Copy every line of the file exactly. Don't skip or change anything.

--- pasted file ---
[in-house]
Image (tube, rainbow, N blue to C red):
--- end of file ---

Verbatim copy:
[in-house]
Image (tube, rainbow, N blue to C red):